Efficient, Versatile, Easy-To-Use Communications: What Is the Answer For Cruisers?

Screen shot 2012 08 07 at 10 57 48 AM


Wind Horse is at anchor in Pulpit Harbor, Maine. This is a lovely spot: a few other yachts on moorings, room to swing for us, calm enough for the rowing dink, and an osprey nest at the entrance. It is less than an hour from “civilization”, as in Rockport or Camden. We could sit here for a long time if the communications were sufficient for us keep us up with our responsibilities. But given the spotty 2G reception from both Verizon and AT&T, we’d be hard pressed to spend much  time prior to this season. However, now we have this costly Pepwave router, and we’re glad we made the investment.

As you can see from the first screen shot, we are connected to both wifi antennae, each on its own signal from a different land based computer, and both cell accounts. The Pepwave router “pings” all four active sources constantly and selects the fastest.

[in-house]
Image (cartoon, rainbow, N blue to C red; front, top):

Screen shot 2012 08 07 at 10 56 38 AM

You can keep track of the current data rates on each connection, as shown above. Note that at one time or another each of the four connections is helping out.

Screen shot 2012 08 09 at 1 34 51 PM

In the last 24 hours we’ve had several long Skype conference calls with New Zealand, talked to Europe a number of times, and been on the Skype phone with Todd for hours. Then there are family contacts. With several robust wifi connections we’ve been up and downloading a bunch of data at the same time, the record of which you can see above.

Screen shot 2012 08 08 at 10 57 40 PM

We’ve mentioned the Rogue Wave wifi antenna, of which there are two, in previous posts. We could do the same job for a fraction of the cost, but their software is so simple and easy to use that it makes the extra price worthwhile. Each antenna has its own internet address, and we simply type that in using the Firefox browser to bring up the page shown above. We select the signal to lock onto, and close the window. We do this twice at each new anchorage, once for each antenna.

Screen shot 2012 08 08 at 10 58 08 PM